On January 5th Fraser Anning, an Australian Senator, attended a far right rally at St Kilda beach in Melbourne. The rally was called by former United Patriots Front leaders Blair Cottrell and Neil Erikson, men with criminal convictions for serious vilification of minorities – that’s an speech that either threatens or incites violence against a target.
He flew down from his electorate of Queensland using his parliamentary entitlements, that is money provided to him by the Australian tax payer. His Facebook post announcing he would be attending the rally received over 5,200 likes, over 3,400 shares and over 1,000 comments.
While there were many problematic comments on his post, one stood out for us. In response to a comment saying “Deport them problem solved !!”, another poster replied, “please don’t deport them – shoot them fcuking dead otherwise they come back this side”. This comment inciting violence was not posted by one of Senator Anning’s constituents in Queensland, or even by an Australian. This comment inciting violence in Australia was posted from South African by one of Senator Anning South African fans.
That same day we reported the comment to Facebook as a breach of their community standards. We also send a message to Senator Anning with the comment and a link directly to it. Our message history shows that Senator Anning, or at least someone with administrator access to his Facebook page, saw the comment around 6pm that same day, January 5th. Neither Senator Anning, his staff not Facebook has so far removed it, and it’s now JAnuary 16th more than two weeks later.
Senator Anning has previously used his parliamentary entitlements to fly to Melbourne for an Australian Liberty Alliance (ALA) event. The ALA is an anti-Muslim political party. One of their candidates in the recent Victorian election, Avi Yemeni, in the past worked with Neil Erikson on anti-Muslim rallies, notably in support of a visit by the Alt-Right’s Milo Yiannopoulos. Incitement to violence and hate in comments posted in online space Avi created and managed have been documented by us in the past as well.
A picture of Senator Anning posing for a photograph with the leader of Squadron 88, a group that was active distributing antisemitic leaflets back in 2014 is also now circulating online. The 88 stands for the 8th letter of the alphabet “H” and 88 is short of HH an abbreviation of Heil Hitler. We’d documented some of activities Squadron 88‘s previous activity and ran a successful campaign to have their Facebook page closed.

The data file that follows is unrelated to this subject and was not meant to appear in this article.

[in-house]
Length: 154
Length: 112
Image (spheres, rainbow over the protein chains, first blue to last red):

Senator Anning’s activities are now funded by the Australian public. He has the ability to appoint staff paid for by the tax payer. His employer, the Australian public, has a right to expect a certain standard from him. Expecting him to manage and moderate his Facebook page to remove incitement to violence and other unlawful comments is perfectly reasonable. Especially when he has been notified of the content and given weeks to respond. When he chooses to engage in activities that increase the risk of such comments appearing on his Facebook page that responsibility for proper moderation only grows. He can’t just ignore the incitement and hate.
Studio 10 Appearance
This morning on Studio 10 (Channel 10 TV) the Online Hate Prevention Institute’s CEO, Dr Andre Oboler, discussed the problem of the far-right in general and the comment which Senator Anning won’t remove. As he told channel 10, the far right in Australia includes those that can accurately be described as Nazis – people who subscribe to a Nazi ideology and glorify Nazism and Hitler – their numbers are small but they can’t be ignored. They try to get many ordinary Australians to stand with them and that is dangerous for our society.
In 2015 they managed to build a mass movement. To stop them doing that again, we need to call them what they are and warn people not to lend their support to Nazis. We need to do this now before they can again grow their movement.
If we don’t stop them, those ordinary Australians who are mixing with these Nazis are at risk of being poisoned with their hate. From there it can move into the workplace, families and daily life. That creates a climate of hate and fear we simply don’t need or want here in Australia.
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